Infrared spectroscopy can detect E. coli faster than current testing methods and can cut days off investigations of outbreaks, according to a study at Purdue University.
Lisa Mauer, an associate professor of food science, detected E. coli in ground beef in one hour using Fourier transform infrared spectroscopy, much less than the 48 hours required for conventional plating technology, which requires culturing cells in a laboratory. Mauer said spectroscopy could be done in the same laboratories, just in much less time.
The spectroscopy method also differentiates between strains of E. coli 0157:H7, meaning outbreaks could be tracked more effectively and quickly. Current tests are multistep and take almost one week to get results.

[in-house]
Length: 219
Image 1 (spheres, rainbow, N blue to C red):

“Even with all the other bacteria present in ground beef, we could still detect E. coli and recognize different strains,” said Mauer, whose findings were reported in the August issue of the Journal of Food Science.
Mauer demonstrated two methods for separating bacteria from ground beef for testing.… Continue readingRead More »